Ever wondered how the roofing industry advanced from the use of clay during the Stone Age to today’s modern shingles? Those beautifully crafted, multi-layered shingles used for roof replacement and to protect your home had humble beginnings. Pawcatuck Roofing Co. gives a short account of how the modern asphalt shingle roof came to be in this post.
Fabric: The First Modern Roof
Asphalt Shingles, like most home components, started from the simplest of things. Wood, clay and slate shingles were the most used materials until mid-19th century. During the 1800s, roofing was done by laying down a fabric and coating it with coal tar. With the sudden demand of this by-product, coal tar became too expensive for companies to use in roofing, forcing the industry to find cheaper alternatives.
Introduction of Asphalt Shingles
A Grand Rapids, Michigan roofing contractor named Henry Reynolds is credited for inventing roofing shingles. He did so in 1903, by cutting into individual shingles the rolls that had been saturated with asphalt and surfaced with stone. The manual work resulted in 8” x 16” shingles. It took 12 years before the machine that used a roller-die for cutting individual shingles out of asphalt-saturated felt ribbons was perfected. The first strip shingle, or Neposet Twin, was introduced in the 1920s by Bird and Son. It featured a cutout in the middle of a 12.5” x 20” shingle. The three-tab shingle became standard in the 1950s, measuring 12” x 36” per shingle.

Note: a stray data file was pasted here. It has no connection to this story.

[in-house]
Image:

Over the years, shingles have continued to evolve and many variants have been introduced, including other roofing materials inspired by the original asphalt shingles. In the U.S., asphalt shingles are still the undisputed champion of roofing, as most homeowners prefer them for their longevity, low price and easy repairability.
For more about roofing, or if you need a roofing repair or a replacement, call Pawcatuck Roofing Co. at (860) 865-1724. We offer our services to homeowners and business owners. We’ll be glad to work on your project in Rhode Island & Connecticut.